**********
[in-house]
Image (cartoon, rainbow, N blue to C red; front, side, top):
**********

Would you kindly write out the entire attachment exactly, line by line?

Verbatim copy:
[in-house]
Image (cartoon, rainbow, N blue to C red; front, side, top):